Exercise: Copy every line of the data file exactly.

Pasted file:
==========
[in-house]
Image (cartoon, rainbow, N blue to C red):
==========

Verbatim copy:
[in-house]
Image (cartoon, rainbow, N blue to C red):